Taking a risk often feels like a gamble. Whether we're starting a business or moving to a new city, the outcome feels out of our control, like throwing dice. Win or lose – it's a question of luck.
But Angie Morgan has a different take, outlined in her new book, "Bet on You: How to Win With Risk," written with long-time collaborator Courtney Lynch.
It's a helpful guide built on the personal experience of its authors and a lot of sound advice.
The good news is we can make our own luck in the risks that we take. The not-so-good is that there are no short cuts.
Morgan's life is proof of her risk-taking prowess. She served as a Marine Corps officer before becoming a sales leader for global pharmaceutical companies. She then set up the successful leadership-development firm Lead Star, with Lynch, and wrote two best-selling books.
In the excerpt below from our exclusive Expert Interview, she explains her approach to taking on another new business venture – a neighborhood café.
So, each step in her portfolio career has been a risk. And through taking these risks, she's learned how to maximize her chances of winning. But, she told me, "It's not just 'dream it': you actually have to do it; you have to do the work."
"Bet on You" is full of encouraging stories that drive home this wisdom and offer us tips to put it into practice. One such is starting with a "gutsy no."
"If there are things that are really important for you to pursue, you have to find the time," Morgan points out. "And the best way to make the time is to start saying 'no.' It can create time and space for us to take care of ourselves. It can create time and space for us to take risks on ourselves."
This "no" is "gutsy" because declining anything can feel risky. Will people still like us, or trust us, if we turn down an invitation or a request for help?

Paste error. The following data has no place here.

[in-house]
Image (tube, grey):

"It feels a little selfish," Morgan admits. "Yet, at the same time, it's your life, and we have to have the sense of freedom to be self-directed. That's very important for our own sense of wellbeing and satisfaction."
But make sure you use that hard-won time for its allotted purpose!
"Don't multitask, don't do laundry and pay your bills, and 'Oh yes, I'm going to get my business license right now' at the same time. Focus on whatever it is you're trying to achieve: honor yourself with effort and action," she urges.
And when it comes to "effort and action," she doesn't pull any punches. A key tip in the book is: "Don't half-ass it."
"We all know these people who cram for a test and fail. And they say, 'Oh, I guess I'm not meant to do this.' [For example,] if you want to become a realtor and you don't really prepare for the realtor's license test and you bomb it, you might say, 'Hey, I guess that wasn't meant for me'," Morgan says.
"It's like, well, no. It probably was meant for you but you half-assed it! You didn't give it the attention and commitment, and now you're saying it wasn't for you. You're drawing a very invalid conclusion.
"So, before you determine whether or not something is going to be successful or not successful in your life, don't half-ass it. Fully commit to it."
Take the Mind Tools "Locus of Control" self-assessment quiz to explore the role of luck in your life.
Then your success will be built on solid ground – and your failure, if that happens, will be too. You'll know it really wasn't meant to be, and can quit with no regrets.
"If you take the risk and you're just not finding the joy and satisfaction, you don't have to stay on that path," Morgan points out.
"We put so much pressure on ourselves around the word 'failure.' I don't think of things that don't work out as fails. I think about [those] things as wonderful experiences that I learned and grew from…
"Yes, have a moment where you're maybe a little embarrassed about that. But dust it off your shoulders and move on."
Another piece of solid advice.
In a world of instant gratification and overnight celebrity, it's refreshing to be reminded that working hard, with focus and commitment, is still the most likely way to win a bet on you.
And if you end up losing? That's still the best way to learn.
Mind Tools Club members and Mind Tools for Business licensees can listen to or read my full 30-minute interview with Angie Morgan, in which she describes how to gain the knowledge and confidence to take risks.
And, if you're not already signed up, join the Mind Tools Club now to gain access to 2,400+ resources, including our back catalog of 200+ Expert Interviews.
To find out more about Mind Tools' enterprise solutions, you can book a demo.
Do you try to avoid risk at all cost, or thrill to the adventure and adrenaline? Share your experiences in the comments below!
"Most of us don’t choose our coworkers. Yet we have to get along with them, whether we like them or not."
In Part Two of our Career Journey series, our coaches share their top tips to help you prepare for an interview.
This week is learning at work week. See how you can make time for learning in the workplace.
Leave a Reply